Mental Health Exam Ordered for Ex-City Official Accused of Bribery

Despite insisting that his latest arrest — for attempted robbery — was the result of an attempt at jocularity gone wrong, a former high-ranking city official was required to submit to a psychological evaluation.

San Francisco Department of Public Works director Mohammed Nuru. (SFPW photo)

SAN FRANCISCO (CN) — A former city department head facing federal bribery charges was ordered to undergo a mental health exam Monday following a bizarre incident in which he was arrested on charges of trying to steal a man’s potato chips with a knife.

U.S. Magistrate Judge Sallie Kim ordered erstwhile San Francisco Public Works Director Mohammed Nuru to be evaluated by a mental health professional during a bond review hearing.

Nuru, who has been volunteering at a local food bank, is accused of threatening a fellow volunteer with a knife in the kitchen area of the food bank warehouse in the Central Waterfront neighborhood of San Francisco.

Nuru was arrested on June 2, but prosecutors declined to press charges after interviewing a witness who said Nuru appeared to be making a joke about taking the person’s potato chips.

On Monday, Nuru’s attorney Ismail Ramsey said the whole thing was a big misunderstanding. He blamed the San Francisco Police Department for failing to properly investigate the incident before arresting his client.

“The police report really wasn’t a complete investigation,” Ramsey said. “It turns out there was actually a witness to this that the [district attorney] insisted be spoken to and ultimately the witness said it was just a joke.”

San Francisco District Attorney’s Office spokeswoman Rachel Marshall confirmed that a witness corroborated Nuru’s story and that there was no evidence Nuru actually tried to take the man’s potato chips.

Ramsey told Judge Kim that Nuru often brings an orange and trail mix to the food bank where he volunteers. After using a small kitchen knife to peel his orange, Nuru was washing the knife at a sink when he noticed a fellow volunteer with a bag of potato chips.

Nuru said something along the lines of “you went to the store and didn’t bring me back any chips.” The male volunteer responded, “Don’t play with me” and walked off, according to Nuru’s attorney.

Ramsey said Nuru immediately looked to a nearby female volunteer and asked, “Why is he reacting like that?”

“It was seconds of interaction that led to this misunderstanding and an incomplete investigation by the police department that led to this,” Ramsey said.

But Assistant U.S. Attorney Scott Joiner disagreed with that assessment, saying the “facts don’t line up” with that version of events, especially when compared to the recorded statements of the alleged victim taken by police.

“Whether it was a joke, the victim clearly didn’t think it was joke,” Joiner said. “The police did an initial investigation and detained him. However he intended it, it was a really poor decision to make a joke like that.”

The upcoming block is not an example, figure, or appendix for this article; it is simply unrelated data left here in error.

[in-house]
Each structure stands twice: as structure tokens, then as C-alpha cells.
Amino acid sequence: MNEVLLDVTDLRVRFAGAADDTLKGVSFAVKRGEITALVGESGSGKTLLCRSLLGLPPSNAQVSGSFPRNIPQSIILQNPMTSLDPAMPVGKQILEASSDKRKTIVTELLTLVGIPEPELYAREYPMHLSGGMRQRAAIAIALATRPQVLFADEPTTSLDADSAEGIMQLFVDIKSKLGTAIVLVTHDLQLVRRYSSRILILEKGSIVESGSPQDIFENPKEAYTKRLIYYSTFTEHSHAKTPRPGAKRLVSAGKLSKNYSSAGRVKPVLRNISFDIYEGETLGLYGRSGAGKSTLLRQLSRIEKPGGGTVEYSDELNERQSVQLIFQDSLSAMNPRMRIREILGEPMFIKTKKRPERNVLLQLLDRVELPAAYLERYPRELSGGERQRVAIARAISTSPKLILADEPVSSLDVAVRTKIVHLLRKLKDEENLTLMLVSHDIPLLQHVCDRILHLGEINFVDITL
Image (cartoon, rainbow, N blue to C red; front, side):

Joiner also noted that city contractors have pleaded guilty to “basically buying Mr. Nuru free meals.”

A representative from the court’s pretrial services department, which supervises defendants and makes recommendations for bond conditions, suggested that Nuru undergo a mental health evaluation and possibly be required to attend therapy.

Judge Kim said she thought that was a reasonable and pragmatic course to follow.

“It’s kind of unusual for a joke to be interpreted that way so I am worried,” Kim said.

The judge said Nuru could come back to court and request the mental health requirements be lifted after his evaluation.

“There’s no harm in ordering an evaluation,” Kim said.

Joiner also voiced concerns about Nuru returning to the food bank where the incident occurred, but Kim said she would leave that decision to the food bank’s director.

“I would like Mr. Nuru to continue volunteering if it’s allowed at the facility or some other place that could use his services,” Kim said.

Nuru was charged in January 2020 with attempting to bribe an airport commissioner and lying to the FBI. If convicted, he could be sentenced to up to 25 years in prison.

Nuru was released on $2 million bond and resigned his $273,000-per-year job the following month.

A criminal complaint claims Nuru used his position to benefit a Chinese developer in exchange for luxury hotel stays and gifts, including a $2,070 bottle of French wine. Prosecutors also say a company that won a $2 million public works contract gave Nuru a free John Deere tractor and free or discounted labor and construction materials for his vacation property in Stonyford north of San Francisco.

The sprawling federal corruption probe that kicked off with Nuru’s arrest has led to the arrests of multiple city contractors and city employees. It has also resulted in four guilty pleas. Four city department heads — including Nuru and directors of the Building Department, Public Utilities Commission and City Administrator’s Office — have resigned their positions amid allegations of corruption.

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